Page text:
Sometimes earmarking government money pays off for U.S. lawmakers — even after they’ve left office.
A new report has found seven former lawmakers who have lobbied Congress on behalf of organizations that they funded while in office. Citizens for Responsibility and Ethics in Washington found that former lawmakers have received $1.9 million in revenue from lobbying clients that they funded with taxpayer dollars when sitting in Congress.
“This is part of the reason why the public is so disgusted by the revolving door,” said Melanie Sloan, executive director of the citizens group. “It really makes you wonder whether members of Congress are pushing projects because they are the best use of taxpayer dollars or if it helps their job prospects.”
The findings emphasize what could be another problematic phenomenon surrounding so-called earmarks — special requests for funds that were recently banned by congressional leaders after years of controversy, including scandals and even federal prosecutions.
The report highlights the work of four Republicans and three Democrats who have turned their earmark beneficiaries into lobbying benefactors.
In one example, former senator Trent Lott (R-Miss.), onetime majority leader, directed $1.6 million to defense contractor Northrop Grumman in 2008 for a missile launch system on a new class of warships. The earmark was sponsored in the House by a California Democrat.
Lott resigned from Congress in 2007, less than a month before a new restriction took effect that would have required a two-year cooling-off period before he could become a registered lobbyist.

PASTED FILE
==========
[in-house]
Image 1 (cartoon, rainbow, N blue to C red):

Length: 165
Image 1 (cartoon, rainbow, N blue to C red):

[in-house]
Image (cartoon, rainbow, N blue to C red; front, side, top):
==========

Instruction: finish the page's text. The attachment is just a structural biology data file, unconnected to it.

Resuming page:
A few months later, he signed a $50,000 a month contract with Northrop Grumman at his new lobbying firm, the Breaux Lott Leadership Group. Senate disclosures show that he lobbied on a variety of issues, including shipbuilding. It total, his firm brought in $1.2 million in revenue from Northrop.
Lott did not return a request for comment.
There has long been a link between earmarks, which lawmakers use to fund projects, and campaign contributions. In perhaps the most famous example, lobbyist Paul Magliocchetti pleaded guilty last year to making $386,000 in illegal corporate campaign contributions to lawmakers in return for millions of dollars’ worth of earmarks.
The findings of the new report raise questions about whether lawmakers could be personally benefiting from directing taxpayer money.
Former congressman Nick Lampson (D-Tex.) secured $47.2 million in earmarks for the City of Houston, most of which went to expanding its shipping lanes. Lampson said in an interview that he started lobbying for the city on space industry issues after Houston lost jobs when the government ended the space shuttle program. He has an indirect contract through the city’s lobbying firm, Akin Gump Strauss Hauer & Feld, which has paid him $20,000.
“Really and truly, I didn’t lobby as much as I gave them information that I had on what I knew that was going on,” Lampson said. “I had been on that subcommittee.”
Lampson is now trying to get back on the other side and is running for Texas’s 14th Congressional District.
Another former congressman cited in the report, David Hobson (R-Ohio) , has earned $540,000 while lobbying for Woolpert, which received a $1.6 million Air Force earmark requested by Hobson during his term. Hobson’s $30,000-a-month contract with Woolpert is focused on defense appropriations, according to Senate records. He did not return a request for comment.
The report does not include the case of former House member William Delahunt (D-Mass.), who was hired by a small Massachusetts town to develop a wind energy project that he funded with an earmark while in Congress, according to a report in the New York Times. His firm has also been hired by several other organizations that were among his earmark recipients.